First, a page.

The Golden Dragon: Production photos

Photo credit: Ed Krieger

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The Golden Dragon: Review Rundown

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CRITIC’S CHOICE “Michetti’s production, incorporating Sara Ryung Clement’s abstract set design of metal scaffolding, projects onto the harsh narrative backdrop a Mary Zimmerman-esque whimsicality. The gushing blood from the young man’s tooth is illustrated with a red ribbon, and the cricket’s dance for the ant is conveyed through a suggestive gestural choreography with chopsticks that has a minimalist beauty all its own.

One sign of Michetti’s masterly direction is the tonal control his actors maintain over the material. They work majestically in unison, transforming as effortless as figures in Ovid to reveal to us the fractured nature of a universe contained in a steaming hot little white carton.”

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StageRawSometimes a play registers as up front and personal; one’s immediately drawn into the experience of its characters, heartrending or comic or both as the case may be…. Other times you’ll view a drama from a palpable distance as events unfold, on an expansive terrain or canvas. It’s the latter experience you’re likely to have at the Theatre at Boston Court in its production of German playwright Roland Schimmelpfennig’s The Golden Dragon, a collection of fanciful but compelling tales that poses fundamental questions about otherness and identity.

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the stage struck reviewGo and see “The Golden Dragon”. There are levels of empathy which will stay with you long after you leave, though some of it proves disturbing the more one thinks about it. And there is an amazingly smooth, well articulated piece of performance to revel in. Finally is a theatrical magic which only a live theater can make you believe.

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SoPasReviewLogoMichael Michetti’s direction is as quick and sharp as a master chef’s knife and at 80 minutes without intermission, the subtle magic of this darkly comic tale stays with you as it aims to shine a light into the dark corners of our global, migratory world. Within the banality of getting through the day, we find the beautiful and the tragic. Forget the American dream, they are just trying to get through the next hour.

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htp_header2Boston Court should be applauded for bringing meaningful, socially relevant drama to Pasadena. With The Golden Dragon, Michael Michetti delivers a top-notch production that works seamlessly to examine the social disparity and moral decay in contemporary society.

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onstagelosangelesBoston Court is a bold little theater that puts every ounce of energy into every production I’ve ever seen there. Boston  Court  CoArtistic  Director  Michael Michetti’s direction takes The Golden Dragon on a fast paced journey with side trips into Aesop’s Fables as well as fulfilling hopes and dreams in fantastic ways.

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awesometheaterblogThe cast is exceptional. With every actor taking on several roles, and every one of them completely distinct. We are able to track the journey of each different character even though the actors never leave the stage, never change their costumes, and sometimes barely move from where they were in a previous scene.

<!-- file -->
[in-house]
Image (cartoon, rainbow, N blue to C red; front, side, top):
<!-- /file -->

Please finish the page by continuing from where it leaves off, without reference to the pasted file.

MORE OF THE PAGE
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paulmyrvoldIn a season of outstanding, innovative drama, Boston Court’s production of Roland Schimmelpfennig’s The Golden Dragon (translated by David Tushingham) stands out with boldness of concept and excellence of production. The playwright creates a universal piece that calls for actors to slip seamlessly across lines of race, gender, age and ethnicity. Women play men, men play women, but not always. Older actors play younger people, younger play older. All are Asian cooks in a Thai/Chinese/Vietnamese fast food restaurant called The Golden Dragon.

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stagesceneladotcom2RECOMMENDED
Five exceptional performances, Michael Michetti’s highly imaginative direction, and a breathtaking Theatre @ Boston Court production design add up to reason enough to check out Roland Schimmelpfennig’s The Golden Dragon despite a script more pretentious than profound.

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talkin_broadwayThe Golden Dragon, by Roland Schimmelpfennig, is one of those unusual plays in which your reaction to the play is actually more interesting than the play itself. You can immediately tell why The Theatre @ Boston Court chose to present it in its Southern California premiere—Boston Court has never been one to shy away from pieces that challenge an audience to question its own thought processes.

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wpid-x9.png.pagespeed.ic_.ijr6gp7skw.pngThe Southern California premiere of playwright Roland Schimmelpfennig’sTHE GOLDEN DRAGON benefits from the sturdy, first-rate technical production values The Theatre @ Boston Court has earned their deserved reputation for. Sara Ryung Clement has cleanly designed a bare-staged set filled only with a two-level scaffolding, complemented by Elizabeth Harper‘s intriguing string LED/fluorescent tube lighting for a variety of landmark silhouettes on the scaffolding.

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Colony Collapse: Production photos